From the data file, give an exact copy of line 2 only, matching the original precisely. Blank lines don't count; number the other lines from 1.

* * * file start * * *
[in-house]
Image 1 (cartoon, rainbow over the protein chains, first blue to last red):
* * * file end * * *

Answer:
Image 1 (cartoon, rainbow over the protein chains, first blue to last red):